EQing with Mid/Side processing is a method that’s often underrated when mixing. A few specific adaptions to the mid and side signal can help to make your track sound cleaner and more transparent, without changing the characteristics of the audio tracks. In this article, we show you three examples of how you can get more out of your track by using the Mid/Side function of smart:EQ 3.
The mid/side function of smart:EQ 3, in short M/S, enables you to work on the center (mid) and the side signal independently from each other. This opens up a lot of possibilities, such as increasing the width of a track’s stereo image or enhancing the transparency of an entire mix.
You can learn more about how M/S processing was created and all its underlying technical basics in this article “Not new but newly discovered – Mid/Side processing”.
Take a look at the following video tutorial or the step-by-step instructions down below, if you want to know how you can create space with M/S processing, make a drum track clearer or how to work on the masterbus to create a tight and transparent mix.
Step by step
We suggest using high quality headphones or studio monitors when listening to the following audio examples.
By using Mid/Side processing in these three examples, we can get from this mix ….
… to a much more balanced, clearer and wider sound.
1. Create space in a mix
As you can hear, the initial arrangement of the mix sounds cluttered and there are frequencies of the acoustic guitar that coincide with the vocals. The global M/S parameter works perfectly to remedy this – by increasing the side signal, the guitar is pushed to the side, the acoustic guitar sounds wider and there is more room in the center for the vocals. Please not that too much difference between die mid and side components can lead to a phasy sound and the mono compatibility is impacted.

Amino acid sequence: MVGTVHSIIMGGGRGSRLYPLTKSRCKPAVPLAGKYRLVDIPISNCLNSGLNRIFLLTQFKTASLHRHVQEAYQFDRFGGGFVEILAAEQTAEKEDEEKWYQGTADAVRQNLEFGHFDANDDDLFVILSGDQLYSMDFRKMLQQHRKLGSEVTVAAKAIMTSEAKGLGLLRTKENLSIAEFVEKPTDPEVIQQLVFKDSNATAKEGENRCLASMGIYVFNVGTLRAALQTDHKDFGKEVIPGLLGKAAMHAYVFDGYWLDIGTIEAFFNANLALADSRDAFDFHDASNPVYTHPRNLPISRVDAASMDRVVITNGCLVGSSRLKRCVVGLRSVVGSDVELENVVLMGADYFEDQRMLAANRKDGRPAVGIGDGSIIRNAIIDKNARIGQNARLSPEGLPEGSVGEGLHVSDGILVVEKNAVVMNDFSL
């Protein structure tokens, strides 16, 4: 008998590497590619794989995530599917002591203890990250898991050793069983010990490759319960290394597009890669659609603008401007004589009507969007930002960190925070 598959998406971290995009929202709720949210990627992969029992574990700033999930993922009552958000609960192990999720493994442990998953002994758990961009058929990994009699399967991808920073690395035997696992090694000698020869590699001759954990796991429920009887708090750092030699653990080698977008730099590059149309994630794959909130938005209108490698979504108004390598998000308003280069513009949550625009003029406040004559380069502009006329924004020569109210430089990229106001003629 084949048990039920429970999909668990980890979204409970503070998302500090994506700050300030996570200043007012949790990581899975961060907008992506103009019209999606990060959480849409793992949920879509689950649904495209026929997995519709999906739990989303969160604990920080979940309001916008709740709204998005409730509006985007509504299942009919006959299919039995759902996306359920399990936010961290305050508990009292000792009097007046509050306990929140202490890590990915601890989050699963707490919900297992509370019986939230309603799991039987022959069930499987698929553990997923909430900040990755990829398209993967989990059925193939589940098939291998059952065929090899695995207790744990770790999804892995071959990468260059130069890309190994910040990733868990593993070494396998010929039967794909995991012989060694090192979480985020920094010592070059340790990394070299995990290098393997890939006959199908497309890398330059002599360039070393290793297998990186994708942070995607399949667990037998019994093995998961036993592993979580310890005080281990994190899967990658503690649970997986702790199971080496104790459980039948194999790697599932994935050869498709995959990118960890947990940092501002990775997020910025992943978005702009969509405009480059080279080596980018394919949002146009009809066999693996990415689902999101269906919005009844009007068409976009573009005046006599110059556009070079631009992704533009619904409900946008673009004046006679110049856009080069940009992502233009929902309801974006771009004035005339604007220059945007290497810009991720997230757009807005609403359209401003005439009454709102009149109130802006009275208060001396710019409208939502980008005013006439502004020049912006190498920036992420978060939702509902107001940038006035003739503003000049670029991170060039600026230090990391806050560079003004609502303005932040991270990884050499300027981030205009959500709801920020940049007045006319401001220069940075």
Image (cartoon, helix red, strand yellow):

2. Clear drum sound
In this step, the kick and the snare of a drum loop should be adapted independently from each other to gain more clarity and presence. You can use single filter bands to make precise changes in the mid and the side signal. By clicking right on a standard filter you can switch between stereo, mid or side.
Since the kick often sits right in the center of a stereo image, it helps to reduce boominess by decreasing the mid at 200Hz. The snare and clap, however, are mostly in the side signal. That’s why I increase the side signal at 1kHz to create more clarity. With a high shelf filter at 3.5 kHz the perceived stereo width is broadened and the drum break becomes airier and more present.
3. Mid/Side in the Masterbus
Using Mid/Side processing in the master bus can help to make an entire mix more transparent and tighter. Place a lowcut side filter at around 100Hz to make the low end mono in order to avoid phase cancellation in this range. Next, I increase the Mid components at 80Hz to make the bass and kick more present. A slight decrease of the side components at 2kHz give the vocals more room in the mix, since they are in the center or a stereo image.